May 27, 2014
For the past two decades, the HIV prevention research field has been on the hunt for options that women can use to reduce their risk of HIV, Up until recently, there have been few options other than the female condom. But in the past few years, a range of trial results have given new insights into strategies that could change the lives of women and men around the world. Some of these trials, including studies of oral tenofovir-based pre-exposure prophylaxis, or PrEP, and the microbicide tenofovir gel have found high levels of protection in some study populations—and low or no protection in other studies of the same products. The difference? In some studies, women used the products on a regular basis. In others, they didn’t.
PrEP and tenofovir gel only protect if used consistently and correctly. So do the low adherence data mean that women don’t want, or won’t use these products in the real world—not at all. In fact, the research world is still exploring what impacts women’s decisions about adherence in clinical trials. In the process, they’re uncovering key questions that less about how women view a given product, and more about how women view research itself. AVAC and its partners are dedicated to informing this evolving conversation with views from women and men who are impacted by and asked to participate in clinical trials. We’re doing this in many ways, including ongoing country-level work focused on preparing for the results of ongoing clinical trials; in-depth exploration of the issue in our most recent AVAC Report; and a recent webinar from our “Research and Reality” series that focused on adherence, women’s product preferences and the future of HIV prevention trials in women.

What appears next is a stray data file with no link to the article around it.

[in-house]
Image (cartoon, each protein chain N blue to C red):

Have an idea about what women want—or don’t want? Have a question? Let us know!